With Israel at War, Thanksgiving Is Fraught for Some Jewish Families

There will be turkey at Marci Rosa’s family Thanksgiving in New Jersey, and stuffing and sweet potato and leek gratin. But also kasha varnishkes, a Jewish grain dish with roots in Eastern Europe, where her in-laws survived the Holocaust.

All across the country, families like Ms. Rosa’s are gathering on Thursday to nosh, to catch up and perhaps to bicker a little. But this year, with Israel at war and the world sharply divided over questions of justice, some Jewish families are finding that what it means to be a Jew is also on the Thanksgiving table.

Seated around one table will be members of a family whose stances toward Israel since the Hamas terrorist attacks on Oct. 7 and the Israeli military response have sent them to different ideological poles.

At one end is Ms. Rosa’s mother, Esther Rosa, 95, who recalls Thanksgivings during World War II with one seat left empty — her brother was fighting for the United States against the Germans — and is steadfast in her belief in Israel’s right to defend itself. At the other is her daughter, Becca Gertler, 25, who is outspoken in her support for the Palestinians, thousands of whom have been killed in the war. Somewhere in the middle is Ms. Rosa herself, a self-described liberal from Brooklyn who is in her 60s, and who regularly criticized Israel’s policies in the past, but now sees it — and Jews like her — as under threat.

Though the family is no stranger to heated debates, according to Ms. Rosa’s nephew, who is hosting the dinner, this kind of tension is new. “With my family, with politics we kind of know where those lines were drawn years ago; you know what to say if you want to press someone’s buttons,” said the nephew, who asked that his name not be used because of the contentiousness of the subject.

“You are going into a family dinner with a polarizing topic, not knowing where anybody stands,” he said. “I don’t think we’ve ever done that — I don’t think any family has ever done that.”

Raging family debates at Thanksgiving are as traditional as cranberry sauce. For generations, Americans have sat down to dinner divided over politics and taxes, Republicans and Democrats, the Giants and the Jets. At a time when things like protests against Israel’s policies and the tearing down of missing persons signs can feel like personal attacks, some American Jews are experiencing the revelation of differing values across the family Thanksgiving table with acute pain.

These types of identity- and values-based conflicts are the most intractable, according to Tricia S. Jones, a professor at Temple University and director of the Center for Conflict Management and Media Impact there. “They are so much a definition of who we are and need to be that it is very difficult for us to accept an alternate story from anyone — particularly from those we love,” she said.

Dr. Jones added: “You’ve got people who deeply love one another, and want to understand where their loved ones are coming from, so pretending away the differences and the pain also isn’t workable.”

There are 21 members of the extended Rosa family coming for Thanksgiving, but one matriarch will be absent: Judith Gertler, 89, Ms. Rosa’s mother-in-law, a Holocaust survivor who endured the Ravensbrück concentration camp in Germany as a little girl, and who lives in Brighton Beach, Brooklyn. She has dementia and is too frail to make the trip to New Jersey. With the support of Mrs. Gertler’s doctor, the family has kept all news of the Oct. 7 attack from her. She found refuge in Israel after the war, Ms. Rosa said, and the family was afraid the news would trigger post-traumatic stress.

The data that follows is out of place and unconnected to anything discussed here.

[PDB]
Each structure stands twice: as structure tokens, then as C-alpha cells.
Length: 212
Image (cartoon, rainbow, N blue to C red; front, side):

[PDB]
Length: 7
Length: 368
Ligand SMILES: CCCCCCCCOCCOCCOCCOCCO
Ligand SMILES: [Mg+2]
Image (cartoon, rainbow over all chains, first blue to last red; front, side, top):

Familial conflict that is based in identity can be intractable, said Tricia S. Jones, a professor at Temple University who studies conflict management.Credit…Sara Hylton for The New York Times

There is some relief, too, Ms. Rosa said, that Mrs. Gertler will not be there to hear her granddaughter Becca’s strong criticism of Israel across the table. When Becca, a policy analyst, first shared her beliefs shortly after the attack, her mother was stunned. “I felt physical pain,” she said.

“She only sees one side of it,” Ms. Rosa said of their conversation about the war in Gaza, “and of course she would probably say that I see only one side of it.” Yet at the same time, she admires her daughter’s conviction. “It is important to be able to have your voice be heard, to speak up for the underdog, and to not accept things that you don’t believe in.”

At Thanksgiving dinner, Becca plans to speak her mind, she said, particularly because she feels it is important that her gaggle of younger cousins feasting on homemade bread rolls be exposed to different perspectives — not just from outsiders, but from fellow Jews.

“The weird part for me has been disagreeing with my parents” since the war began, she said in an interview. “On most things we are pretty aligned, but this is the first time where me and my mom have really gotten into arguments where we are not listening to each other.”

She added: “To me there are no sides. The sides are: not killing people.”

On Thursday morning, one of Ms. Rosa’s brothers will pick up their mother in Plainsboro, N.J., to bring her to Thanksgiving. She’s looking forward to the meal, she said, speaking through her daughter because she is hard of hearing.

This year, she said, calls to mind those Thanksgivings during World War II when her older brother was deployed abroad, and the importance of being together as Jews, and as family — no matter what is said over the meal. Then as now, Mrs. Rosa told her daughter, “Even though we knew what was happening over there, we still needed to celebrate over here.“

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